This article serves as a general overview of some of my personal ideas on how to be healthy. While I am by no means an expert, I have done a good bit of research, I am in good personal health, and I have exercised for years including playing Texas varsity football.
- Randomization, and Not
1 – Exercise
Exercise is a must. Variety in exercise is important. I recommend lifting weights, doing cardio, and stretching. Doing something like pilates or yoga is great, but I would consider that intense stretching. I recommend at least a little of each, but the area you focus on will be optimized depending on your goals.
For most people goals including bulking, losing weight, or toning. In all of these cases I would argue that lifting weights should be prioritized over cardio and stretching. For recovery, stretching is most important and to combat certain health issues cardio can be very important.
Cardio will help burn calories in the short run, but in the long run you will burn less calories. Most of the calories you burn come from your resting metabolic rate, which means the calories you burn while you are not active. Raising your resting metabolic rate is the key to burning huge amounts of calories over time, and the RMR is significantly raised by building muscle because muscles require more calories to maintain. This is related to the Afterburn Effect that Mike Chang is always talking about. Other activities or substances such as nicotine or caffeine consumption can raise the RMR.
Another consideration about exercise is whether to go it alone, go with a partner, or go in a group. My answer is that different people have different personalities and whatever motivates you to is probably the most important consideration. I like to exercise with a single partner because if I go solo I worry about not being able to have a spotter and attempt heavier exercises, but if I go with a group I feel like other people are holding me back.
2 – Diets
How you eat is a huge component of being healthy. That being said, I don’t think there are any particular diets on the market which are super amazing. Consuming the right amount of calories, the right quantity of nutrients, at the right cost, with as little toxin and as much flavor as possible is the goal, but it is much easier said than done. I recommend using a decent calorie counter to start with, but use a scale and watch how your changes modify your weight over time.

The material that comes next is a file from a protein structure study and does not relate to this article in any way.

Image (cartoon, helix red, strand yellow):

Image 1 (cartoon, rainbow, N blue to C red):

I also think the opposition to GMOs is fantastically overrated. GMO food is clearly superior in many cases, and it is also much cheaper which makes getting the nutrients you need more feasible.
Lastly, I am a huge fan of fasting. If you want to break the psychological problems of habitual eating, to lose weight quickly, to detox, or to engage for spiritual reasons, fasting in any sense from intermittent to juice to water can be a great tool. See the video below for more info:
3 – Randomization, and Not
There’s an idea when it comes to working out called muscle confusion. Disclaimer: Some people think it’s a big fat lie while others continue to debate. Personally I’m a fan. I think it helps keep the body healthy in a well-rounded way and it makes working out more fun. I also think it can help break a plateau, but that part is debated. I recommend giving it a try anyway.
I also recommend dietary confusion. That is, rather than sticking with some particular diet try changing things up frequently. It may or may not actually dampen metabolic adaptation, but it can just be flat out fun to try new things. Importantly, it will also help you find what works for your particular body.
The opposite of randomization is also important. When it comes to lifting, this is called progressive overload. That means sticking with one exercise and regularly upping the weight or reps. When it comes to dieting, the opposite of randomization is sticking with a single diet. One form of dieting which always works to some degree is caloric restriction, but based on your particular body there may be some better diet. This is why I recommend randomization and its opposite.
Basically I am recommending you mix it up until you find out what works for you then stick with that. Keep in mind, though, that many things will work for you a little while until you plateau. It may be that you progress by “pushing through” which may mean staying the course on a regular routine even if the gains become smaller, or you may progress by “switching it up.” Again, it may be that this varies by person.
4 – Supplements
Supplements boost performance. This can be a good thing in many situations, but sometimes they give an unsustainable boost which can only be maintained by continuing to use. Depending on the kind of supplement this can be positive, neutral, or negative for your health over time.
I think supplements such as vitamins, minerals, phytonutrients, other nutrients, and other dietary supplements are often good and even good for sustained use. Weight loss supplements and workout supplements can be good for short term use but I would not recommend them for sustained use. If you are in bad shape, use a weight loss or workout supplement to help get close to your natural optimum quicker. If done correctly, you can come off of the supplement and sustain the weight loss or strength gain by healthy living and maintenance. If done incorrectly you will crash right back to where you were. In my opinion, sustainable weight loss and exercise comes from healthy living, not supplements.